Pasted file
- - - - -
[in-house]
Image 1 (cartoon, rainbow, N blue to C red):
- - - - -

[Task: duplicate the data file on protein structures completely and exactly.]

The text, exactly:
[in-house]
Image 1 (cartoon, rainbow, N blue to C red):